Using a Drone for Crop Scouting This Year

Jarrod O. Miller, Extension Agronomist,; Cory Whaley, Sussex Co. Extension Ag Agent,; James Adkins, Irrigation Engineer, and Jake Jones, Extension Agriculture Agent, Kent County,

While drones are hailed as the future of precision agriculture, their best use in farming is still as a scouting tool. A drone can be a useful tool for both farmers and consultants, and they do not need to be very expensive to be effective.

Through a grant funded by the Delaware Soybean Board (, we explored their usefulness over the 2019 season. Early in the season, scouting was still best done by foot or 4-wheeler, unless you fly the drone slow and low (Figure 1). We found the maximum usefulness to occur as beans canopy and become difficult to walk through. Larger patterns emerge, whether insect, disease, or nutrient, once the canopy begins to cover the soil (Figure 1). A drone also took an average of 7 minutes to cover the field but could take longer depending on the user. A drone can also be useful to scout for irrigation patterns and equipment issues. With a little time and skill, a remote pilot can go from watching irrigation field patterns (Figure 2a) to hovering over equipment (Figure 2b). In most cases the drone will help find issues faster, but it is still recommended to use diagnostic tests (disease/nutrient) to uncover the actual issue.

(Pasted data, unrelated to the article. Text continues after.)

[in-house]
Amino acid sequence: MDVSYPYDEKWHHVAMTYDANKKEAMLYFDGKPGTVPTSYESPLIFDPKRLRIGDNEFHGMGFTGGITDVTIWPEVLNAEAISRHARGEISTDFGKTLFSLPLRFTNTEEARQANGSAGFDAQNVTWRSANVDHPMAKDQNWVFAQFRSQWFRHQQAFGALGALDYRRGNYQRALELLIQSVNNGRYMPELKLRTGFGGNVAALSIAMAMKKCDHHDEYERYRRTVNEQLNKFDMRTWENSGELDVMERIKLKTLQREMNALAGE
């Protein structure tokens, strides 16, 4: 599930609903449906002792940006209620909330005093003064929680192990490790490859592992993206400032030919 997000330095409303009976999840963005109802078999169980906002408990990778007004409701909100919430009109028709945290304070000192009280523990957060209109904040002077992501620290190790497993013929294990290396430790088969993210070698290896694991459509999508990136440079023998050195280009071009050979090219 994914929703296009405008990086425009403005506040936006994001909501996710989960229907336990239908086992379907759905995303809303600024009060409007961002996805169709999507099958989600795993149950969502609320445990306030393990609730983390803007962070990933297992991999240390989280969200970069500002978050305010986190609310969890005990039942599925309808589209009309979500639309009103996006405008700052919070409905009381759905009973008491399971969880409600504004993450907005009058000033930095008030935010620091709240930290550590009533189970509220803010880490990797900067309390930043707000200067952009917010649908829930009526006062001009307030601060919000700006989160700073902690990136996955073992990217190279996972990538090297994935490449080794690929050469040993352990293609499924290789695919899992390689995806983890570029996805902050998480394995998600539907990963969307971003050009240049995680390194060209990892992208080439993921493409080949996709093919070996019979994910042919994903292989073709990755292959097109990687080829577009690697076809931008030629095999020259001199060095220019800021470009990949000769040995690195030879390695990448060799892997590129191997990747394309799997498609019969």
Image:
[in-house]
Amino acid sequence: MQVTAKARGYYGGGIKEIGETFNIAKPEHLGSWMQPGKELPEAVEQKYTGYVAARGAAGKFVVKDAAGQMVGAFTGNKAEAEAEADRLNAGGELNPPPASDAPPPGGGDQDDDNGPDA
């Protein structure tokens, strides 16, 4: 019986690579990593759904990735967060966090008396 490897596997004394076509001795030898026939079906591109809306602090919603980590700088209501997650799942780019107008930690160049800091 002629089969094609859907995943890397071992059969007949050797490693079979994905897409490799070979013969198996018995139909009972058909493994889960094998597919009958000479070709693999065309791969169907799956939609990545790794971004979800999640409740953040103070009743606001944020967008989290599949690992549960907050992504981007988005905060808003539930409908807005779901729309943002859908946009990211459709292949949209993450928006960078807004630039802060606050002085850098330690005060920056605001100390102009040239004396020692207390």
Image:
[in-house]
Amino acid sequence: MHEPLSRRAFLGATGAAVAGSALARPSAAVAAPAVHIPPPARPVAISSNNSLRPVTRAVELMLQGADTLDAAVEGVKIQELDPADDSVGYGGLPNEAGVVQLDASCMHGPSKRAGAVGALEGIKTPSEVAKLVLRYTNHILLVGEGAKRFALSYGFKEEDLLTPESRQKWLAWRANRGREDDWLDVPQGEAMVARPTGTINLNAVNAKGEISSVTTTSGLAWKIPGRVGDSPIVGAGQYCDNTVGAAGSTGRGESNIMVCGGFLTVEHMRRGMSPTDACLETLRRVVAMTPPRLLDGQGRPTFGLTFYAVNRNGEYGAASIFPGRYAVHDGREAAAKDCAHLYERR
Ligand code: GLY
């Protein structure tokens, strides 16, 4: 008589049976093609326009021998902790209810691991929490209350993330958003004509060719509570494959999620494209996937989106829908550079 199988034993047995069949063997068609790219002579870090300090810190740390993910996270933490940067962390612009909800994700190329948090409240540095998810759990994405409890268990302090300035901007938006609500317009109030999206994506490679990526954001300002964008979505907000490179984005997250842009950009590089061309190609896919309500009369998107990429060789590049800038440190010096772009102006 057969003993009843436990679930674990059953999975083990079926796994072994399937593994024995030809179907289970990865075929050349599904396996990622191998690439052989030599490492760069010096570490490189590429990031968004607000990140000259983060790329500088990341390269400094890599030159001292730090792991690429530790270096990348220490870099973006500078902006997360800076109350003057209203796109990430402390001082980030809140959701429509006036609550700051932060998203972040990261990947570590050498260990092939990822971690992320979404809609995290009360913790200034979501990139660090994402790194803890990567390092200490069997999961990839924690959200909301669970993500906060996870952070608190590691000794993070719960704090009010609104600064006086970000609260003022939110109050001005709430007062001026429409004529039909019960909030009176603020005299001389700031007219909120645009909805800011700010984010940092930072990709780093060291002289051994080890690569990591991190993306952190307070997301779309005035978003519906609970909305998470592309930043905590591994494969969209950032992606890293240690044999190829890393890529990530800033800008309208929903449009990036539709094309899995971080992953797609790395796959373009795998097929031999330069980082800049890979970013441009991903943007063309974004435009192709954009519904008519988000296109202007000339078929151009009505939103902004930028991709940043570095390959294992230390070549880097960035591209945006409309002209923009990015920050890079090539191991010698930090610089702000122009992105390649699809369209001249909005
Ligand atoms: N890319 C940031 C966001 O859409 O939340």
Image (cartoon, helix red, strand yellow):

When looking to purchase a drone, we recommend making sure it has the following:

  • A camera
  • Connects to your cellphone/tablet
  • Safety features : “Return to Home” Function or Obstacle avoidance
  • Good signal range for your field size

To read the full report, go to:

Flight 1

Figure 1. Automated (pre-planned) flight from June 4 (a), June 19 (b), July 2 (c), July 17 (d), Aug 1 (e), Aug 21 (f), Sept 9 (g), and Sept 26 (h) in a soybean field at 200 feet AGL.

scouting 2

Figure 2. Scouting irrigation (a) and checking on irrigation equipment (b)


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